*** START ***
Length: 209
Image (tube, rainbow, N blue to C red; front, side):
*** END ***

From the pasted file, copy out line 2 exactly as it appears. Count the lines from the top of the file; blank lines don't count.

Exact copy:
Image (tube, rainbow, N blue to C red; front, side):